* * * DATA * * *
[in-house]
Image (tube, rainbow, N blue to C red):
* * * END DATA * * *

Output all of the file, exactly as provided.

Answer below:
[in-house]
Image (tube, rainbow, N blue to C red):